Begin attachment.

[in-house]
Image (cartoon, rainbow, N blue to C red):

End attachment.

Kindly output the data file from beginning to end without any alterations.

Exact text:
[in-house]
Image (cartoon, rainbow, N blue to C red):